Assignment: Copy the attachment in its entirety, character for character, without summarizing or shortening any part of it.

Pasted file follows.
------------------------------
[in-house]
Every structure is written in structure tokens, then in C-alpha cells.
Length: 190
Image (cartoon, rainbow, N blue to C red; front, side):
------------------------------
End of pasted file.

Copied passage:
[in-house]
Every structure is written in structure tokens, then in C-alpha cells.
Length: 190
Image (cartoon, rainbow, N blue to C red; front, side):